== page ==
Inhaled Glutathione May Help Cystic Fibrosis Patients

MARCH 01, 2005
Susan Farley

Researchers investigating an inhaled form of the compound glutathione have found it to effectively treat patients with cystic fibrosis. Under normal circumstances, the lung cells secrete a peptide known as glutathione; because this secretion is impaired in patients with cystic fibrosis, researchers believe the lack of glutathione may play an important part in the chronic inflammation and infection that occur with cystic fibrosis. While previous studies have investigated inhaled glutathione, this is the first to compare this treatment with an inactive placebo, as well as to include a higher dose over a longer period of time. The study, published in a recent issue of Chest, included 19 patients with cystic fibrosis randomized to receive either placebo or inhaled glutathione for 8 weeks. Patients in the glutathione group had an increased peak expiratory flow, while the placebo group experienced a decrease. Both groups had similar frequency and type of side effects. Dr. Brian J. Day of the National Jewish Medical and Research Center suggested in a related editorial that these results indicate the need for a large, multicenter trial. He notes that glutathione deficiency has been linked to other lung diseases and therefore may have a broader application.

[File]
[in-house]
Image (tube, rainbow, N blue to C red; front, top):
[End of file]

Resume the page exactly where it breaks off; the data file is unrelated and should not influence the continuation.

Ms. Farley is a freelance medical writer based in Wakefield, RI.



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